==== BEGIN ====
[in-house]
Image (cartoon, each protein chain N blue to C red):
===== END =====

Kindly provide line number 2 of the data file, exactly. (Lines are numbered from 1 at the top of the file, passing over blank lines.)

Image (cartoon, each protein chain N blue to C red):